Beavertown – ‘Beavertown are set for a breakout year’, was my carefully-considered, not at all nailed-on prediction from the start of 2014. At the time, they had just relocated to Hackney Wick; since then, they have moved again (Tottenham Hale), added a new head brewer (Jen Merrick) and truly won the hearts of craft beer fans (canned beer). Well, they have if social media is to be believed, that is – the near-continual flurry of photographs of Beavertown’s strikingly-coloured tins indicates how quickly the tech-forward sector of the beer market have taken to them. With other London breweries (such as Fourpure) also investing in canning, will metal-clad ‘craft’ beers creep more into the mainstream, as a result?
Wild Beer Co – After having been awarded the status of Somerset’s New Business of the year for 2013, Wild Beer entered the start of this year on an understandable high. The good news has kept coming ever since; last month they announced that (in keeping with the bottling theme for the breweries on this list), they had been successful in securing a grant for installing a hugely upgraded bottling line at their Westcombe Farm location. Increasing production to over 1,500 an hour has necessitated in ‘adding four people to the team in the last few months’, to quote MD Andrew Cooper in that link. It seems that the future is still very bright for Wild Beer Co indeed.
Alpha State – I marked the card of Alpha State early, entirely due to a trio of beers as good as any I tried in 2013; Citronvand, Neapolitan and Sorachi Red IPA. Since then, in the way these things sometimes go, I’ve not had a single Alpha State beer – but that’s clearly my problem rather than theirs. Since January, things have progressed for the brewery – without doubt peaking when they were invited to exhibit at the new beery mecca of the Copenhagen Beer Celebration. Jonathan Queally continues in his refreshingly independent manner, brewing his way, as ever. If nothing else, it’s probably time for me to have another of his beers…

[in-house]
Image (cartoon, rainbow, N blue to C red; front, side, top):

Bad Seed – It’s been quite a few months for Chris Waplington and James Broad. Since debuting in October, their Bad Seed beers have arrived in more places nationwide, and they have entered into something of a symbiotic partnership with cross-town Brass Castle Brewery. The attitudes (and most importantly, target markets) of both dovetail brilliantly, and pairing to host events such as March’s excellent Beertown Malton helps get the names of both out even more. Back in January, I said that bringing high-hopped, big-abv beers to that particular part of North Yorkshire was a brave decision; five months down the line, it certainly seems to be paying off for Bad Seed.
Buxton – After rounding out 2013 in a fashion every beermaker could wish for – by being awarded the BeerCast brewery of the year, you might have thought that was the highest Buxton could ever hope to get. Not so, as since then their brewery tap has gone from strength to strength, and most importantly of all, their new brewhouse is finished and operational – so much so that their trusty, history-laced five-barrel kit is now up for sale (you can buy it here, if interested). Other recent happenings include kicking up a gear with an online shop, and in beer terms, a brett-fermented IPA, Wilder Boar (which also went to Copenhagen). With no let up in enthusiasm, Buxton are still in top, top form.